The Gukurahundi ethnic attrocities- largely described as a hot potato tossed from one hand to the other by commentators- will, once again, come under the spotlight during this year’s edition of the Asakhe Film Festival.

The five-day annual film extravaganza will begin on the 25th of October.

Organisers of the festival announced yesterday that the five-day event will have a fusion of a virtual conference as well as public lectures.

While making the announcement on their social networking platforms, the Centre for Innovation and Technology said:

“This year’s #AsakheFilmFestival which will be from October 25-October 30, is running under the theme: The Power of Memory. It will feature a virtual conference as well as public lectures on #Gukurahundi. Tune in to our Facebook page for these activities! #Asakhe #PowerofMemory .

Gukurahundi is a Shona word that refers to the early rains that washes away the chaff before the spring rains.


In Zimbabwe, the word has particular reference to the foundational years of the landlocked southern African state’s when the North Korean–trained Fifth Brigade carried out a vicious genocidal purge on, mostly, the Ndebele speaking citizenry from the southern part of the country.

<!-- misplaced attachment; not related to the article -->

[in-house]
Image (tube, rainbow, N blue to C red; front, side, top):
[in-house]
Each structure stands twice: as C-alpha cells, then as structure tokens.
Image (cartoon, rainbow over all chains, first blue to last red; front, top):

The ethnic purges occurred between 1983 and 1987 during the time of late Zimbabwean dictator Robert Mugabe.

Current president, Emmerson Mnangagwa, then a blue-eyed boy of Mugabe, was an influential cabinet minister in his Government.

Described by some opinion leaders and political commentators as a hot potato tossed from one hand to another, the late Mugabe described the bloody reign of terror in the provinces of Matabeleland and the Midlands as a ‘moment of madness’.

On the other hand, there have been mixed feelings amongst expectant Zimbabwean masses over President Mnangagwa’s sincerity to address the Gukurahundi issue to an end for the national healing process to take place.